Industry Insights with Neville Pattinson

The Case for a Digital Social Security Card

The Case for a Digital Social Security Card

Is it time for a Social Security card makeover? Not the whole program, just the card. Today, the Social Security card is a piece of paper with a number on it that probably sits in a drawer at home. Social Security numbers, on the other hand, are all over the place. Employers, banks, credit card issuers and bureaus, insurance companies, hospitals, doctors, government agencies and others use Social Security numbers to identify all of us.

The problem is that the Social Security number is very vulnerable to theft and misuse, even though it is the foundation of almost every U.S. citizen's identity. A paper card certainly does nothing to help protect the Social Security number printed on it.

With a technology makeover, however, that could all change. The Social Security card has the potential to become a digital identity credential that would play an active role in protecting people's identities and fighting fraud.

The key to this evolution is to make the Social Security card an electronically enabled, secure credential based on biometrics and smart card technology. This would allow the citizen to be in control of their social security number and protect their identity.

The paper card could be replaced with a credit card-sized piece of plastic that contains a small computer, or microprocessor, with special security software that actively protects the owner's Social Security number. This technology, more commonly known as a Smart Card, has been used around the world in many similar situations. It is a proven technology, is very secure and based on international and national standards. To use the Social Security number, both the new digital Social Security card and its owner have to be present. The secure computer and biometric in the card provide digital verification. It is easily carried, works both online and in person, and the owner's own fingerprint biometric and other security features protect against the misuse of a lost or stolen card.

A major advantage is that the fingerprint template (not the whole fingerprint image) can be securely kept in the microprocessor card. Using a technology called match-on-card, the verification is actually done on the card's microprocessor. People will appreciate that they are carrying their fingerprint template with them instead of having copies of it stored in terminals or databases, or traveling across networks and the Internet. There will be no need to have access to a biometric database when undertaking a one-to-one biometric match - it can be done off-line.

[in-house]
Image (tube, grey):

A digital Social Security card completely turns the tables on fraudsters, because just knowing a Social Security number will no longer be enough to be able to use it. In effect, this renders stolen Social Security numbers useless to fraudsters.

It also solves additional problems. It provides a reliable solution to the problem of immigration enforcement and employment verification with e-verify, while working within existing systems. It provides a way to make government more efficient by providing increased secure access to personal services online. And it can spawn multiple "persona" identities rooted from the trusted credential in areas such as financial services, healthcare and other industries beset by fraud.

We will still have many identifiers in different parts of the government and in the private sector, as we do today. But the digital Social Security card will protect the individual's root identity in a way that would be far more secure and private than it is now, something a paper card could never achieve.

Neville Pattinson, CISSP CIPP, is the vice president of government affairs and business development at Arlington-based Gemalto North America. He is on the executive committee of the Smart Card Alliance Identity Council and sits on the Department of Homeland Security Data Privacy and Integrity Advisory Committee. He can be reached at Gemalto, the world leader in digital security, last year supplied more the 1.4 billion secure personal devices for mobile connectivity, identity and data protection, credit card safety, health and transportation services, e-government and national security.

About the Author

Neville Pattinson

Neville Pattinson

VP of Government Affairs & Standards, NA., Gemalto

Pattinson is a leading expert on smart cards and using the microprocessor chip to keep identity credential data and biometrics secure and private. Pattinson has been heavily involved in planning and implementing a number of federal government security initiatives including the Department of Defense Common Access Card (CAC); the State Department's electronic passport; the Western Hemisphere Travel Initiative cards; the Department of Transportation's Transportation Worker Identity Credential (TWIC) and the Transportation Security Administration's Registered Traveler program. Pattinson works closely with the General Services Administration, Treasury, Homeland Security, Veterans Affairs and NASA, which all have smart ID programs underway.

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